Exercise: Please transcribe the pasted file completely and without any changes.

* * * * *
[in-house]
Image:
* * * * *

[in-house]
Image: